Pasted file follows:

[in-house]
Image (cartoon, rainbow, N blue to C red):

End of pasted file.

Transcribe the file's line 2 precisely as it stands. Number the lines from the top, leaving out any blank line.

Image (cartoon, rainbow, N blue to C red):